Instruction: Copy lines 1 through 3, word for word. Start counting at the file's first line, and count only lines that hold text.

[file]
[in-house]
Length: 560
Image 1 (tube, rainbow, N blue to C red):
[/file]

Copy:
[in-house]
Length: 560
Image 1 (tube, rainbow, N blue to C red):